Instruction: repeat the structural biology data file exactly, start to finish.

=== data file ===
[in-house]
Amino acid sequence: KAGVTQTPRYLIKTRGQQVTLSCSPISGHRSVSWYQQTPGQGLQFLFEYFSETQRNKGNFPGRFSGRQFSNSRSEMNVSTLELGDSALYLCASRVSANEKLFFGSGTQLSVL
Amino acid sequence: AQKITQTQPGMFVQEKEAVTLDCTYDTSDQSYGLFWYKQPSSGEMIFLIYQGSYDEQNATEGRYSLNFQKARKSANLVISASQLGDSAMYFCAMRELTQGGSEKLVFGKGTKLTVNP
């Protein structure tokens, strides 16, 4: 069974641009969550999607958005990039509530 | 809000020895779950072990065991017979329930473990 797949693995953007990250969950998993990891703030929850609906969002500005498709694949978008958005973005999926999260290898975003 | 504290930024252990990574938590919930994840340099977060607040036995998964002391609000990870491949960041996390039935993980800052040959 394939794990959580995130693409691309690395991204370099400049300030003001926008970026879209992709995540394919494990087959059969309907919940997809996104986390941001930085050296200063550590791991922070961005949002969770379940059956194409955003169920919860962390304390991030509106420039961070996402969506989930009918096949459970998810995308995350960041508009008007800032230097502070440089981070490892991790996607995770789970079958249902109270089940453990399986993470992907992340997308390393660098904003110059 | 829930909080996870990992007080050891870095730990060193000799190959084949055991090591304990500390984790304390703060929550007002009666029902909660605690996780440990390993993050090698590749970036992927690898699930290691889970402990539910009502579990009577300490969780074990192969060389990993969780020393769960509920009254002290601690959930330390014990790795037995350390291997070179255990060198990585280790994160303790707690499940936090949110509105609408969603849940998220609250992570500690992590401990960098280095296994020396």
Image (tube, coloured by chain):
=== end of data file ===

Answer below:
[in-house]
Amino acid sequence: KAGVTQTPRYLIKTRGQQVTLSCSPISGHRSVSWYQQTPGQGLQFLFEYFSETQRNKGNFPGRFSGRQFSNSRSEMNVSTLELGDSALYLCASRVSANEKLFFGSGTQLSVL
Amino acid sequence: AQKITQTQPGMFVQEKEAVTLDCTYDTSDQSYGLFWYKQPSSGEMIFLIYQGSYDEQNATEGRYSLNFQKARKSANLVISASQLGDSAMYFCAMRELTQGGSEKLVFGKGTKLTVNP
């Protein structure tokens, strides 16, 4: 069974641009969550999607958005990039509530 | 809000020895779950072990065991017979329930473990 797949693995953007990250969950998993990891703030929850609906969002500005498709694949978008958005973005999926999260290898975003 | 504290930024252990990574938590919930994840340099977060607040036995998964002391609000990870491949960041996390039935993980800052040959 394939794990959580995130693409691309690395991204370099400049300030003001926008970026879209992709995540394919494990087959059969309907919940997809996104986390941001930085050296200063550590791991922070961005949002969770379940059956194409955003169920919860962390304390991030509106420039961070996402969506989930009918096949459970998810995308995350960041508009008007800032230097502070440089981070490892991790996607995770789970079958249902109270089940453990399986993470992907992340997308390393660098904003110059 | 829930909080996870990992007080050891870095730990060193000799190959084949055991090591304990500390984790304390703060929550007002009666029902909660605690996780440990390993993050090698590749970036992927690898699930290691889970402990539910009502579990009577300490969780074990192969060389990993969780020393769960509920009254002290601690959930330390014990790795037995350390291997070179255990060198990585280790994160303790707690499940936090949110509105609408969603849940998220609250992570500690992590401990960098280095296994020396």
Image (tube, coloured by chain):